DPToolkit looks like a great plugin(s)... Will probably follow your advice and download it. I just started using his Sunsky this week, and am really, really impressed by the improved light quality.

    Is it possible to specify resolution of the baked maps? Or is that locked to model size or some other factor? Or is it completely irrelevant?

    Areyos, you hit the nail on the head. I mostly model props, so rigging and deformation is not usually an issue, but I have no way of predicting how a client will use it, otherwise. This has been a big reason for avoiding node editor so far.

    It sounds like nodes are good for customizing to specific projects, but maybe not so good when you're not part of the production team(s) where the models will be used?

    Should I stick with uv maps and Photoshop?

  5. #5
    Super Member dwburman's Avatar
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    You can specify whatever resolution you need in the Camera Settings (assuming you're using the surface baking camera).

    You can still use nodes in your situation. You can, for example apply procedurals to your surface using nodes. You could use the ambient occlusion nodes or dp_kit's edge node or the 3rd party grit node to add shading in creases or on edges. You have a lot more control in the node editor than in the layer system, plus if you want to use the same procedural texture or image for something you don't have to jump in and out the layers panels for the different channels copying and pasting the layers. You can plug the same node into different channels. Even if you need to alter node's output (increase/decrease its strength or invert it), you simply need to run it through some other nodes first. Even if you do have to copy/paste the node because you need to make a fundamental change, you're still within the same panel, and not bouncing around between spec, reflection, diffuse, color, etc.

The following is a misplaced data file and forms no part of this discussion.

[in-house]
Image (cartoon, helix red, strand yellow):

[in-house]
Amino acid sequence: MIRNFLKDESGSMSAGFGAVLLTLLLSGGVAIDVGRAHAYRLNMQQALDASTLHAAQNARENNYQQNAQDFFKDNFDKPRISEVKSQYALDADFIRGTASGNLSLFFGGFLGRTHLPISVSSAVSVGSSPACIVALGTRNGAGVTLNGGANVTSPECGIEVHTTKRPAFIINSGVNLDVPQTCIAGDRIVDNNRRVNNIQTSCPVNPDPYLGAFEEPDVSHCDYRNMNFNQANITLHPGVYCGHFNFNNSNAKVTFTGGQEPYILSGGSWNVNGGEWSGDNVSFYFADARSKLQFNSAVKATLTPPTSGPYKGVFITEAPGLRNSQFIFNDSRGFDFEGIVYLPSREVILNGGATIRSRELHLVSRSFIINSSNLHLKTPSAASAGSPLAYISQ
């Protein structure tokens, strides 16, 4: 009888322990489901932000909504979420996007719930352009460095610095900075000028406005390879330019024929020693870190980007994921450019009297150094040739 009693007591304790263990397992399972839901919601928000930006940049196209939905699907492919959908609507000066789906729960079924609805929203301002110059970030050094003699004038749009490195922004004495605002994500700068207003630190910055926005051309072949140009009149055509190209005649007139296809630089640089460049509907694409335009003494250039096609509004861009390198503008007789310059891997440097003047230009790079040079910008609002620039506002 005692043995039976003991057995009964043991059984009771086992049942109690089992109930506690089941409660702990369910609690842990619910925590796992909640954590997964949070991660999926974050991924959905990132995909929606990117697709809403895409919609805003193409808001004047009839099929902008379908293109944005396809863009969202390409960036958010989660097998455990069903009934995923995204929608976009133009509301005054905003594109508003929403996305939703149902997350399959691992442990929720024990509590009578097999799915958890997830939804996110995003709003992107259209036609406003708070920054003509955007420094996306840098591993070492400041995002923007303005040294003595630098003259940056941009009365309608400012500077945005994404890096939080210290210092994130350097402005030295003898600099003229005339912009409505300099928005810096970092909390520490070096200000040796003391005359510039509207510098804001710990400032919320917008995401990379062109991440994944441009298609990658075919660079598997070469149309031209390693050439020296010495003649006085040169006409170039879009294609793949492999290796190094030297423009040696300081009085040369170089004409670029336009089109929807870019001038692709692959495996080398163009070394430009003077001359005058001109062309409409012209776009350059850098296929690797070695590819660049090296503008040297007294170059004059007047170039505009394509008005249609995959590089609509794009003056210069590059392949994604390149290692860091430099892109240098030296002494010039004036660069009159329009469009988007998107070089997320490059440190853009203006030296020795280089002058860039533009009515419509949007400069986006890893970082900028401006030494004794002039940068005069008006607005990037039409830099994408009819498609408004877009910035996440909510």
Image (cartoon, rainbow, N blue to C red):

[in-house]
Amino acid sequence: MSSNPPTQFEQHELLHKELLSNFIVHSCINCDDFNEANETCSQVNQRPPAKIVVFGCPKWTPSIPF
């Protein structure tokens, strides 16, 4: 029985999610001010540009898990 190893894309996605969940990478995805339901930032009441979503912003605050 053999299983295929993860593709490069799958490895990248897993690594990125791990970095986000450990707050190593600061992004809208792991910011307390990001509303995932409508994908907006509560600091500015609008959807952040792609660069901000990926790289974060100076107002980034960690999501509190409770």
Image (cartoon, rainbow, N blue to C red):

You could use nodes (or even textures applied in the layer system) to bake out textures and patterns and stuff to mix in with your painted layers in Photoshop. For instance, You could procedurally add paint chips or rust on edges so you don't have to paint every single detail in Photoshop.

    That said, many people get along nicely with just the layer system and never touch nodes, but it is absolutely possible to use them in the creation of static textures.
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    Okay, you talked me into it. Actually, you gave the answer I was hoping for -- that node editor will allow for more complex surfaces without having to give customers multiple layers and alpha maps for each channel (that may or may not translate well). Once learned, the process should be more efficient than doing/tweaking everything in PS. The preview images should look better, but the textures can still be tossed if they don't suit the end user's needs. This is exciting news, even I am several years behind the curve and have a lot of catching up to do.